CORRInsights®: Single-stage Acetabular Revision During Two-stage THA Revision for Infection is Effective in Selected Patients
Selective use of one-stage revision has the obvious advantages of avoiding a second major surgical procedure and the period of decreased mobility between the revision operations, but seems to perform better if the surgeon is able to isolate the infecting pathogen, and in most series has a lower likelihood of success than does two-stage revision [2, 8]. Another concern is that many single-stage series employed cemented stems to allow for local delivery of antibiotics, which may result in less-durable fixation over the longer run [10, 13].
Two-stage revision with an antibiotic-cement spacer should be considered the standard treatment because it is the more common approach, it's an established technique, and all new techniques are compared to it. Although articulating (mobile) cement hip spacers can cause mechanical complications including dislocation, spacer fracture, and further deterioration of already bone-deficient acetabuli, severe acetabular bone loss does not preclude a two-stage revision, and there are several well recognized solutions for such a problem including provisional cages, antibiotic-loaded cement shelves, and nonarticulating spacers [1, 4].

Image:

The technique presented by Fink and colleagues offers a new option—a compromise between two-stage and single-stage revision—for the management of some of the mechanical problems related to cement spacers in the face of severe acetabular deficiency. One concern with this option is that a portion of the definitive reconstruction is performed prior to confirming that the infection has been completely eradicated.
Alternative approaches, such as component retention of the femoral cement mantle in one- or two-stage procedures, have shown encouraging results [5-7, 9]. The apparent success of these case series contradict traditional teaching that safe reimplantation requires the removal of all foreign material followed by thorough débridement. Similarly, the technique described by Fink and colleagues is another “new thinking” option.